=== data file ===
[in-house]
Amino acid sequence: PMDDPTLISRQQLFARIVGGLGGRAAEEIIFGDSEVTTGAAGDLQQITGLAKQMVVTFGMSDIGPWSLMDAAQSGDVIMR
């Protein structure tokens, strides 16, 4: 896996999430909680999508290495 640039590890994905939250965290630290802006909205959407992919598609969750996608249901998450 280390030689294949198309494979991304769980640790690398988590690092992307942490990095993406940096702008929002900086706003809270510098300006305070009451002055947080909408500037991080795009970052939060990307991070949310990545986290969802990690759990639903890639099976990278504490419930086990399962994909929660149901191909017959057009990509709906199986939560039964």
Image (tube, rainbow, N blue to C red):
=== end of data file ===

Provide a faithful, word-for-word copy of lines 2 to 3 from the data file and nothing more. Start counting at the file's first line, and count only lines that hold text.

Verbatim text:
Amino acid sequence: PMDDPTLISRQQLFARIVGGLGGRAAEEIIFGDSEVTTGAAGDLQQITGLAKQMVVTFGMSDIGPWSLMDAAQSGDVIMR
């Protein structure tokens, strides 16, 4: 896996999430909680999508290495 640039590890994905939250965290630290802006909205959407992919598609969750996608249901998450 280390030689294949198309494979991304769980640790690398988590690092992307942490990095993406940096702008929002900086706003809270510098300006305070009451002055947080909408500037991080795009970052939060990307991070949310990545986290969802990690759990639903890639099976990278504490419930086990399962994909929660149901191909017959057009990509709906199986939560039964």